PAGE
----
New study finds prehistoric migration from China to Americas

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Indigenous Mapuche women of Chile weave on a loom; a new study has linked an ancient Asian lineage with the First Americans
Indigenous Mapuche women of Chile weave on a loom; a new study has linked an ancient Asian lineage with the First Americans

As the last continents to be settled by humans, the question of how and when people first came to the Americas has long intrigued scientists.

A new genetics study published Tuesday in Cell Reports finds that some of the first arrivals came from China during two distinct migrations: the first during the last ice age, and the second shortly after.

"Our findings indicate that besides the previously indicated ancestral sources of Native Americans in Siberia, the northern coastal China also served as a genetic reservoir contributing to the gene pool," Yu-Chun Li, one of the report authors, told AFP.

Li added that during the second migration, the same lineage of people settled in Japan, which could help explain similarities in prehistoric arrowheads and spears found in the Americas, China and Japan.

It was once believed that ancient Siberians, who crossed over a land bridge that existed in the Bering Strait linking modern Russia and Alaska, were the sole ancestors of Native Americans.

More recent research, from the late 2000s onwards, has signaled more diverse sources from Asia could be connected to an ancient lineage responsible for founding populations across the Americas, including Bolivia, Brazil, Chile, Ecuador, Mexico and California.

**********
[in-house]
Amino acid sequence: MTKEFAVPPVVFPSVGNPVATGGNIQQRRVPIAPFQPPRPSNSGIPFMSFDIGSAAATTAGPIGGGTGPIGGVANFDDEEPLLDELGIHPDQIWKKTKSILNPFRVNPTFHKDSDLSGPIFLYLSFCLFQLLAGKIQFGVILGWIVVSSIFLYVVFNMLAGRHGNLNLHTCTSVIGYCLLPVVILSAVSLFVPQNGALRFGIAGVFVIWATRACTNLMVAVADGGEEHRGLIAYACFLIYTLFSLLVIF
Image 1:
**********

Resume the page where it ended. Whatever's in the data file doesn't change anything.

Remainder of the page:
Known as D4h, this lineage is found in mitochondrial DNA, which is inherited only from mothers and is used to trace maternal ancestry.

The team from the Kunming Institute of Zoology embarked on a ten-year hunt for D4h, combing through 100,000 modern and 15,000 ancient DNA samples across Eurasia. They eventually landed on 216 contemporary and 39 ancient individuals who came from the ancient lineage.

By analyzing the mutations that had accrued over time, looking at the samples' geographic locations and using carbon dating, they were able to reconstruct the D4h lineage's origins and expansion history.

The results revealed two migration events. The first was between 19,500 and 26,000 years ago during the Last Glacial Maximum, when ice sheet coverage was at its greatest and climate conditions in northern China were likely inhospitable.

The second occurred during the melting period, between 19,000 and 11,500 years ago. Increasing human populations during this period might have triggered migrations.

- Coastal migration -

In both cases, the scientists think the travelers were seafarers who docked in America and traveled along the Pacific coast by boats. This is because a grassy passageway between two ice sheets in modern Canada, known as the  "inland ice-free corridor," was not yet opened.

In the second migration, a subgroup branched out from northern coastal China to Japan, contributing to the Japanese people, especially the indigenous Ainu, the study said, a finding that chimes with archeological similarities between ancient people in the Americas, China and Japan.

Li said a strength of the study was the number of samples they discovered, and complementary evidence from Y chromosomal DNA showing male ancestors of Native Americans lived in northern China at the same time as the female ancestors, made them confident of their findings.

"However, we don't know in which specific place in northern coastal China this expansion occurred and what specific events promoted these migrations," he said.

"More evidence, especially ancient genomes, are needed to answer these questions."